They then began the delicate task of removing layers of silt.

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'Roman child's coffin' opened for first time

A coffin dating back more than 1,600 years has been opened by scientists in a bid to learn more about life and death in Roman Britain.
Tests being carried out are expected to confirm later this week that it contains the remains of a child.
Made of lead, the coffin was discovered last month in a field in Witherley, west Leicestershire.
Scientists said they hoped it would reveal more about the culture of Roman Britain and even Romans' diets.
They had previously used an endoscope to probe inside the coffin, but said it was "almost entirely full of clay silt".
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Peterborough solar farm: Archaeologists unearth Roman finds

Roman pottery, evidence of a Roman settlement and "possibly Saxon" artefacts have been found at a proposed solar farm site near Peterborough.
The land at Newborough is being excavated ahead of a city council decision about the solar farm plan.
Richard O'Neill, from Wessex Archaeology, described the finds as "locally and regionally significant".
Work is expected to continue for three weeks, after which the council will consider the archaeologists' report.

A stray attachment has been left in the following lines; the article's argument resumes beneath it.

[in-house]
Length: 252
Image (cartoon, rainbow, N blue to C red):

Plans for the solar energy farm at three council-owned sites at Newborough, Morris Fen and America Farm were put on hold after English Heritage stepped in suggesting the area could be "nationally important".
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Roman statue found at underwater palace near Naples

Italian archaeologists on Thursday said they have recovered an ancient Roman marble statue spotted by a diver in an imperial palace that is now under water in the Bay of Naples.
"The discovery is significant and quite important for us because of the quality of the marble and the excellent workmanship of the sculpture," said Paolo Caputo, a local heritage official.
The statue is of a woman and was discovered in October just off the shore near the town of Baia in what is already an underwater archaeological park.
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Thursday, November 7, 2013

Archeologists get multi-million pound grant for Roman excavations

Prof Simon Keay

RESEARCHERS at Southampton University will be at the forefront of unearthing Europe’s Roman ports after securing a multi-million pound grant.
The university has been awarded £2.1 million by the European Research Council to study a large network of ports stretching from Turkey to Spain.
The Southampton team will be based at the university’s faculty of humanities and will work with others from across Europe on the Roman Mediterranean Ports project, which will see archaeologists carry out fieldwork at eight of the 31 ports, including Ephesus, Pitane and Kane in Turkey, Gades and Tarraco in Spain and Portus and Putroli in Italy.
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Pompeii workers say wall of ancient house crumbling

A portion of a wall in a house in the archaeological site at Pompeii is crumbling, a union said Monday.